A brief history of the PM and the POTUS

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Politics, the saying goes, makes strange bedfellows … and you don’t get any stranger than Donald Trump and Justin Trudeau.

Sometime this month, the U.S. president is expected to meet with our prime minister. There could be long, embarrassing silences when they meet, like when you go to a party where you don’t know anyone. These two have only two things in common: inherited wealth, and hair.

I suppose their respected coifs could make for a conversational icebreaker. Trudeau has a splendid head of hair. He has perfected the look of a guy who only quickly runs his hands through his hair and forgets about it, a look that in reality requires a skilled hairdresser and copious amounts of ‘product’. Trump’s hair is something entirely different, a bird’s nest carefully spun from his what appears to be about 100 individual strands of hair. It’s really a triumph of American engineering.

But once they get over comparing favourite hair care products, they’ll be long silences, unless Trump decides just to talk about his greatness. In this case, all Trudeau has to do is nod.

It wasn’t that way with Barack Obama. Trudeau clearly adored Obama, and Obama, I suspect, say Trudeau as a kindred spirit, wondering why there weren’t more politicians like Trudeau in the U.S.

Trudeau, and other world leaders, will just have to get used to the new way of doing business in the Republic of Trumpistan. There has always been a period of adjustment as the two countries have changed leaders over the decades. In some cases, genuine friendships have developed. More often, genuine animosity was the result.

In the 1950s, U.S. President Dwight Eisenhower and Prime Minister Louis St. Laurent were similar in temperament and background – both older, slightly aloof leaders – but they never became close. It was different when John Diefenbaker became prime minister; Ike and Dief went fishing together, and Dief wrote in his memoirs that he and Eisenhower were “from our first meeting on an ‘Ike-John’ basis.” Or at least according to Dief; Eisenhower’s thoughts on Dief are unrecorded.

Not many people could tolerate the mercurial and paranoid Diefenbaker, certainly not the next U.S. president, John F. Kennedy. Dief and JFK were as alike as, well Trudeau and Trump. Dief was 65 when JFK was elected, an old-school orator, a western firebrand who was never wealthy. Kennedy was a pup at 43, wealthy, smooth and handsome, everything Dief wasn’t. After their first meeting, Kennedy told aides he “never wanted to see the boring son of a bitch again.” Dief complained (privately, of course) that Kennedy was “a hothead, he’s a fool – too young, too brash, too inexperienced, and a boastful son of a bitch.” Safe to say they had a bitchy relationship.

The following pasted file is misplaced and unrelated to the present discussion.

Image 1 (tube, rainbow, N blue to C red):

With the election of Liberal Lester Pearson in April 1963, the dynamic changed; the brainy Kennedy and the scholarly Pearson got along famously. Pearson and Lyndon Johnson, however, did not. After Pearson unwisely suggested the U.S. stop its bombing of Vietnam — and said so in a speech in the U.S. – LBJ was enraged. When they met the next day, Johnson grabbed Pearson by the lapels and shouted: “Don’t you come into my living room and piss on my rug.” Apparently, that’s some kind of Texas thing.

The mismatches continued with Pierre Trudeau (the hip, cerebral liberal), and Nixon (the paranoid conservative). After meeting Trudeau in the Oval Office, Nixon turned to his chief of staff and called Trudeau a “pompous egghead”, adding that Trudeau was (you guessed it) “a clever son of a bitch”. In one of his taped Oval Office conversations, Nixon called Trudeau “an ass—-“. Trudeau responded that he had been called worse things by better people.

Trudeau liked Gerald Ford and Jimmy Carter, but not surprisingly was not a fan of Ronald Reagan. But Trudeau’s successor, Brian Mulroney, was. The two men got along like a doting father and son. When Reagan died in 2004, Mulroney became the first and only foreign leader to give a eulogy at the funeral of a U.S. President.

Mulroney and the first George Bush were, and still are, buddies. Jean Chretien and Bill Clinton got along well, and for the most part Chretien was OK with George Bush the Lesser, although Bush was mighty peeved that Canada did not join the war on Iraq. By all reports, Stephen Harper got along well with Obama (they called each other by their first names at a press conference), which is surprising in that Harper has all the personal warmth of a snowman.

Now we’re about to enter the Trump-Trudeau era, and who knows how it will go. The best we can hope for is that Trump will be so busy putting up walls around the U.S. that he might not even notice his quiet neighbour to the north. The best thing for Trudeau to do is smile for the cameras. He’s good at that.

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About Author

Maurice Tougas is editor of Edmonton and Calgary Prime Times. He is the former editor of the Edmonton Examiner, and served for one term as MLA for Edmonton-Meadowlark.